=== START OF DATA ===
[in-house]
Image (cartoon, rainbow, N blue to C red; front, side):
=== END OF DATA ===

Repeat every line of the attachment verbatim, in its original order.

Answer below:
[in-house]
Image (cartoon, rainbow, N blue to C red; front, side):